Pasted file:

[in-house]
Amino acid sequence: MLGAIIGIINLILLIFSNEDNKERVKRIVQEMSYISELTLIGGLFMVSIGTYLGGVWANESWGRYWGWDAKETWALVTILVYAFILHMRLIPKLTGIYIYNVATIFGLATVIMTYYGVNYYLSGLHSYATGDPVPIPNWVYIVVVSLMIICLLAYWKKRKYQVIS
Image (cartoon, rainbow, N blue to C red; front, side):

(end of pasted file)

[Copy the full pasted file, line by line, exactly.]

[in-house]
Amino acid sequence: MLGAIIGIINLILLIFSNEDNKERVKRIVQEMSYISELTLIGGLFMVSIGTYLGGVWANESWGRYWGWDAKETWALVTILVYAFILHMRLIPKLTGIYIYNVATIFGLATVIMTYYGVNYYLSGLHSYATGDPVPIPNWVYIVVVSLMIICLLAYWKKRKYQVIS
Image (cartoon, rainbow, N blue to C red; front, side):